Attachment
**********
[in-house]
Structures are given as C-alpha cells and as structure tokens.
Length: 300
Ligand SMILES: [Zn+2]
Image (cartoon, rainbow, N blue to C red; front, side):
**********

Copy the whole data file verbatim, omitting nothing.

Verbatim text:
[in-house]
Structures are given as C-alpha cells and as structure tokens.
Length: 300
Ligand SMILES: [Zn+2]
Image (cartoon, rainbow, N blue to C red; front, side):